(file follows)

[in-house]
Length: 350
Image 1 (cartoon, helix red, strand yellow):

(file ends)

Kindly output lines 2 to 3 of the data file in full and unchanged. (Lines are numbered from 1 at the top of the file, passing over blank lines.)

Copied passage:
Length: 350
Image 1 (cartoon, helix red, strand yellow):